Have you ever driven through a neighborhood on a beautiful Saturday afternoon and felt like it was a ghost town? Evidence of children, like basketball hoops and outdoor jungle gyms, are often visible. But, where are the children?
Most people over 35 years old remember their own childhoods filled with outdoor play fondly. Our parents booted us outside every chance they got. We met up with our friends for games of hide and seek, kickball or kick the can. We played PIG or HORSE at the basketball hoop and rode our bikes for hours. In addition to games, we were out discovering nature, looking at the clouds and simply breathing in the fresh air. Why aren’t the children of today doing the same? Here are five reasons why children no longer play outside.
1. Indoor Entertainment
Modern homes are filled with cable televisions, DVD players, computers and electronic gaming systems. Young children spend a disproportionate amount of their time captivated by a screen of some sort. This passive form of entertainment is easy and keeps kids on the couch. The average child spends 1,023 hours watching TV in one year. Once kids move away from the TV, they head to the computer to surf to the website of their favorite shows. Then, back to the TV to play some games. But there are other inside activities and entertainment you can set up for your child such as autism-centric gym for children of all abilities.
2. Organized Activities
Participation in organized sports and other activities are at an all time high. Children as young as age 3 can be enrolled on soccer teams in some areas. By age 7 or 8, sports teams can be a huge time commitment for a child. Often times, 3 or more nights a week are devoted to sports. Other evenings and weekends are set aside for scouting programs, church classes, dance, or any number of other activities and lessons.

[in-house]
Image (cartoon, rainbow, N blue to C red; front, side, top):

3. Mountains of Homework
Children as young as age 6 are coming home from school with piles of homework to be completed each night. With the new focus on No Child Left Behind, schools are working over time to make sure their students pass all the required testing. This often translates into more and more homework, even though the standard rule of thumb is twenty minutes of homework per grade level. A few lucky students are able to complete homework more quickly than that. For the reluctant students, this homework can take even longer.
4. Fear of Predators
Many parents are afraid of child predators. When rare cases of child abduction make the national news, parents across America begin keeping their children behind closed doors. Most child victims of molestation or abduction are the victims of someone they know. Stranger abductions are very rare, but modern parents have been taught that they are common and, as a result, fear them like nothing else.
5. Lack of Trust
Older children who are only allowed outdoors with supervision are often lacking in their parents’ trust. Parents know their own children best, but sometimes they can have low expectations for their child’s behavior. Parents of children over age 6 or 7 can fear that their child will still be too impulsive to be outside unsupervised. However, children at this age are often in need of as much outdoor playtime as they can get. Unsupervised play outdoors is a great time for the child to learn about his environment without parental input. Fearful parents can give their children some freedom by watching them from a window.
This generation of children is growing up without the joys of outdoor play. It’s time to turn off the TVs, cut back on organized activities and homework, get over our fears and trust our children out in nature. Let them explore. Let them be kids!